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Friday, August 3, 2012

Civil War Photo Friday: Civil War Body Armor

This photo, courtesy the Pitt-Rivers Museum, shows some personal armor used in the Civil War. While never officially issued by either army, a fair number of these bulletproof vests were sold by private companies to troops in the North and the South.

It was common for soldiers to supplement their equipment with privately purchased items. Vests were made of two or more steel plates and weighed up to 12 pounds. They cost $5 or $7 depending on the quality. Considering that a private in the Union army made $13 a month, this was a significant investment.

Did they work? There are a couple of accounts of them working, but they may have been stories made up by advertisers. Much of the equipment sold to the troops was of low quality and there's no reason to believe the "bulletproof" vests were any exception. On the other hand, Civil War bullets were made of soft lead and had a low velocity. The probably could be deflected by even a relatively thin piece of steel. As far as I know, none have ever been scientifically tested.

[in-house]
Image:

The vests were snapped up by soldiers in the early months of the war but soon declined in popularity. They were expensive, not always reliable, and the extra weight on long marches proved tiresome. The same situation happened during World War One. Soldiers ended up having to rely on luck and pluck to survive battle.


  1. Twelve pounds and I bet they chaffed in all the wrong places.

  2. That stinks. Inferior products for men in war. That is just wrong.

  3. Be a man and take your bullets or suffer heat and fatigue. So much for being entitled to proper protection.


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